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Toward Mental Health and Well-Being: Beginning with Beauty

I have often wondered, personally and professionally, if suffering is brought about—or perhaps is made more acute—by the loss of Beauty in our lives. The vision of something beautiful can renew us in that moment of despair.

Later this week on January 28th, Canadians will celebrate Bell Let’s Talk by posting messages of encouragement, sharing stories of struggle and recovery, and raising money for mental health supports and services. Bell’s mental health awareness movement has generated substantial conversation about mental health and illness in Canadian society.

This past year was a year of tectonic shifts in our world, communities, families, and in our own individual lives. We met loneliness, isolation, despair, anxiety, and grief face-to-face. Indeed, many professionals and leaders are referring to the mental health crisis as the fourth wave of the pandemic. On top of this, injustices, exploitation, discrimination, and violence have been central in our news and perhaps for some of us, in our daily life. There is no doubt that existing mental health struggles or illnesses have been exacerbated.

What is our response as disciples of the Great Physician?

I was challenged to consider a fresh form of responding to the suffering of my human siblings, and myself, while reading The Ethics of Beauty by Timothy Patitsas, an Orthodox Christian ethicist. Unfortunately, a summary of Patitsas’ book is just not possible in this short post. His interview here is a good place to start.

At various points, Patitsas brings the Christian spiritual and theological tradition into dialogue with psychiatrists Jonathan Shay and Bessel Van der Kolk. In agreement with Shay and Van der Kolk, Patitsas argues that modern psychotherapy has mistakenly approached suffering from an overly rationalistic and analytical perspective. If I only changed my thoughts, I wouldn’t suffer so much.

He proposes that the way to healing begins with encountering Beauty. Patitsas paints a compelling picture of the unity between Truth, Goodness, and Beauty. Each is necessary, but not sufficient on their own, for healing and most importantly, for becoming transformed into the likeness of Christ.

I have often wondered, personally and professionally, if suffering is brought about—or perhaps is made more acute—by the loss of Beauty in our lives. The vision of something beautiful can renew us in that moment of despair. The Holocaust survivor and renowned psychiatrist Viktor Frankl penned a hauntingly beautiful description in Man’s Search for Meaning about his experience envisioning his wife as he toiled in a concentration camp trench.

When we lose sight of Beauty, we also lose Truth and Goodness along the way. Truth and Goodness are impoverished when Beauty is absent.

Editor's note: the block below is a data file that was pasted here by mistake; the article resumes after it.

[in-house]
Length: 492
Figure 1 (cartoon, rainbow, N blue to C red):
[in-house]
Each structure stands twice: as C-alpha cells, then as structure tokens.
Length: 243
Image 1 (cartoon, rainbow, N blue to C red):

For Christians, that something beautiful is really Someone. Someone appears to us (theophany) in many ways. Patitsas remarks, “But what is this real Beauty, but Christ himself in a moment of self-emptying love?” In other words, Beauty is not simply the pleasurable, aesthetically appealing, or a matter of the latest trends. Rather, Beauty is “the crucified Savior and the Cross.” Perhaps healing begins with being attentive and receptive to beauty—and the Beautiful One who suffers for and with us in the Great Act of Love—in our daily lives.

Perhaps we have not always seen Beauty and mental health as being intimately connected. I’m beginning to wonder if they are more tied together than I once thought. There seems to be something, intuitive, however about the possibility that when we face our suffering, the way forward is not to begin with trying to convince ourselves that we are not suffering, or that our problems are too petty and not worth attention, or that if we simply disbelieve our thoughts we’ll feel better.

Despite COVID-19’s incessant incursions into every area of individual and collective life and continued discrimination and violence between members of the human family, perhaps we can attest to moments of theophany this past year, moments of seeing Christ’s Beauty coming into the world, our world.

Take a moment today to consider and contemplate Beauty.

Ryan Schutt, MA, CCC is the Team Lead for TWU’s Mental Health Services. Born and raised in Washington State, Ryan moved to B.C. to attend TWU, and now calls Langley home.

A friendly note from TWU Mental Health Team:
It is important to take care of your mental health. Mental illness can seriously impact daily life, relationships, school, and work. If you are suffering from a mental illness or if you are finding the days a little harder to get through, reach out to a trusted friend, family member, or colleague. If you are a student, The Wellness Centre has resources and a compassionate team of professionals to journey with you. Please don’t hesitate to reach out to us by visiting mentalhealth.twu.ca. If you are staff, your TWU benefits may cover a portion of counselling fees. If you are a member of the wider TWU community, the British Columbia Association of Clinical Counsellors website can provide you with a list of counsellors in your area. Beyond BC, search for your provincial, state, or regional professional counsellor psychology association to find a qualified professional.